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A Quick Survey of Considerate Drivers

Stopping on the shoulder for lunch isn’t something I’d normally do, but after my truck threw its cooling fan into the radiator, I didn’t have much choice. I was stranded beside three lanes of fast moving traffic.

The tractor wasn’t going anywhere unless it was on a hook, but our mobile mechanic was dispatched to assess the damage anyway. With warning triangles dutifully placed behind the truck and four-ways switched on, lunch was served.

As the cab rocked from side to side in the wind blast caused by passing traffic, it occurred to me just how important Ontario’s move over law is for the men and women that have to regularly work on the shoulder. Those brave souls take their life in their hands every time they step out of their vehicle.

According to the Ontario Highway Traffic Act (HTA Reg.159) on roads with two or more lanes, if there is a stopped emergency vehicle on the shoulder, drivers are required to move over if it is safe to do so.

For emergency vehicles, don’t just think Police, Fire and Ambulance either. The HTA definition also includes public utility emergency vehicles, ministry officials, conservation, fishery, Provincial Park and mine rescue officers. The list goes on. But in short, any government employee, who in the course of their daily duties has to work on the side of the road, is protected.

As this law doesn’t cover drivers of broken down trucks and cars, out of curiosity, I decided to conduct a short survey to see how many passing professionals were courteous and considerate towards a fellow driver.

With pen and paper in hand, I sat and observed vehicles as they came into view in the mirror to see just how many would move over. I didn’t include the drivers who couldn’t change lanes due to traffic volume, or those ‘Kings of the Road’ that insisted on staying in the middle lane.

Even though this research wasn’t exactly scientific, the results of my ten minute survey speak for themselves:

   TRUCK TYPE                                                 MOVED OVER                                      DIDN’T MOVE
Highway tractor trailer                                                     8                                                        2

Day cab tractor trailer                                                      3                                                         4

Straight dump truck                                                         1                                                         10

Regular straight truck                                                      2                                                          4

Bus                                                                                   0                                                           2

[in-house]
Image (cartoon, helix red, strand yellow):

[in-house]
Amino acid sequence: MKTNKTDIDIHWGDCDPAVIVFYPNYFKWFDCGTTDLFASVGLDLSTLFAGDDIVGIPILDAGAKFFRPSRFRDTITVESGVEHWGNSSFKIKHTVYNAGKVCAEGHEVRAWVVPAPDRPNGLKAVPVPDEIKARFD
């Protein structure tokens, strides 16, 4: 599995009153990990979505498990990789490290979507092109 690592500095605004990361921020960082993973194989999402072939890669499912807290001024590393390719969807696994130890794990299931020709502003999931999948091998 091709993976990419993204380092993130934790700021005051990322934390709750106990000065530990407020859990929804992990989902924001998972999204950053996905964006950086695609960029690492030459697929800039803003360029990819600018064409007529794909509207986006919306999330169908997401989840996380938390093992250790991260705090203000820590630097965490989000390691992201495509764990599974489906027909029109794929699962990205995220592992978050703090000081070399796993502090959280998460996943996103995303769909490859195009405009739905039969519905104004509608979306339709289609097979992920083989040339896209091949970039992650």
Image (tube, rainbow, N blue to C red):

You can see from this snapshot that the high milers are generally more considerate than the local drivers; however, the biggest surprise was the school bus and transit bus that were both full of passengers and didn’t move an inch.

It may not be law to move over if you spot a car or truck stopped on the shoulder, but it is definitely safe, courteous and considerate. What if the driver of that stopped vehicle was a friend or family member? Bet you’d want everyone to move over then.

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Blogs Steve Rock Highway Safety Act Ontario Highway 400.

I have a theory about this, look at the types of drivers who moved over for you. The ones who are most likely to break down or have broken down on the side of a highway, just by virtue of the amount of time and miles they spend on the highway were the drivers who moved over to give you additional space. Those who spend minimal amounts of time on highways, such as bus drivers and dump truck drivers who may have never broken down on a highway, have no idea that moving over on the highway passing a broken down vehicle, may be the proper thing to do.

This speaks volumes to the courtesy and defensive driving mind set of drivers on the road. In plain language it does not exist in way too many drivers. These people do not follow proper driving etiquette around merge lanes, move over for emergency vehicles, and many other blatant violations of the drivers's handbook. We won't go down the road with cell phones etc! Maybe our enforcement people need to tag some of these people with a fine to get the point across. Be courteous, drive defensively the life you save could be yours.

I can give you a simple sentence to caption with your findings..." Paid by the hour, minds get narrow"

Most offices just want you to do your job with nothing but results, if something happens then they turn the dogs on your shoulders and turn you loose. Then put up and add looking for the next driver to use. Training was lost back in the 1980's and we just accepted it normal and our highways have become too crowded now and the results of stupid are rampant.